I would watch Elizabeth Banks in anything. She always brings something interesting to every role she plays and is often the best thing about her films. But even another reliably compelling Elizabeth Banks performance couldn't hide the flaws in Sara Colangelo's 2014 indie drama "Little Accidents".
Based on her previous short of the same name, Colangelo sets her film in a small mining town in rural America. The plot begins in the aftermath of a terrible tragedy, as a mining accident has claimed the lives of many of its workers, leaving a lone survivor. As the community searches for answers, they place the blame on the big shot executive of the mine for his negligence. Meanwhile, his own family is suffering through heartbreak, as his son goes missing during all the drama. Soon, tensions and suspicions arise, with far-reaching effects on several individuals. A world of lies and deceit threatens to reveal itself and irreparably alter this community forever.
In its first scenes, "Little Accidents" sets up a tantalizing exploration of distrust, class conflict and morality. As the town's inhabitants point fingers at her family, Elizabeth Banks turns in a strong performance as the distraught Diane, mother of the missing boy. As she deals with the grief of an increasingly dire situation, it's fascinating to watch her interact with similarly affected locals. One of those is Owen Briggs, played by Jacob Lofland (clearly the go-to person for such redneck child parts). Briggs is the son of one of the perished victims and he finds himself in a sticky situation that links him to Diane in unfortunate ways. As the secret gradually eats away at his conscience, the film promises a powerful climax as the investigation into the various crimes starts to find answers.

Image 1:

But rather than focus on the psychological intrigue of these various characters, "Little Accidents" decides to stray into unnecessary subplots, the worst of which is a love affair which adds nothing of value. While the film benefits from strong atmospherics, doubling down on bleakness and the stale air of a mining town with few possibilities, the script comes across as unfinished. Still, the film's skilled cast (namely Banks, Lofland and Boyd Holbrook as the surviving miner) manage to fill in the missing pieces with their deeply felt performances. If only they were actually given fully developed character arcs to work with, this could have been a special film indeed. Colangelo displays a good grasp of mood and tone in her direction, but this first screenplay falls way short of the experienced mastery of its talented ensemble.